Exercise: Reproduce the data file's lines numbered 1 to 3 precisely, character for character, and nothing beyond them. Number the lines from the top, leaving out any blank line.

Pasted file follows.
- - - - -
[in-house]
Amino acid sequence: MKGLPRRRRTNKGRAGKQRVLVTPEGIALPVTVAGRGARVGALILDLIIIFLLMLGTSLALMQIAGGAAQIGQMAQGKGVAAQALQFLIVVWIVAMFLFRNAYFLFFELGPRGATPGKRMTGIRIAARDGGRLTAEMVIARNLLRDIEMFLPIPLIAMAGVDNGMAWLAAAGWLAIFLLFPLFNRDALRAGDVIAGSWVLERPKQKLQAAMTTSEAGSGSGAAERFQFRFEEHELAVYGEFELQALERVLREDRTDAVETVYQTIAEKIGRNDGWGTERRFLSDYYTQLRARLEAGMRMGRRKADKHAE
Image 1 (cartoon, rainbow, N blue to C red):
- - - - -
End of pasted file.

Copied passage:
[in-house]
Amino acid sequence: MKGLPRRRRTNKGRAGKQRVLVTPEGIALPVTVAGRGARVGALILDLIIIFLLMLGTSLALMQIAGGAAQIGQMAQGKGVAAQALQFLIVVWIVAMFLFRNAYFLFFELGPRGATPGKRMTGIRIAARDGGRLTAEMVIARNLLRDIEMFLPIPLIAMAGVDNGMAWLAAAGWLAIFLLFPLFNRDALRAGDVIAGSWVLERPKQKLQAAMTTSEAGSGSGAAERFQFRFEEHELAVYGEFELQALERVLREDRTDAVETVYQTIAEKIGRNDGWGTERRFLSDYYTQLRARLEAGMRMGRRKADKHAE
Image 1 (cartoon, rainbow, N blue to C red):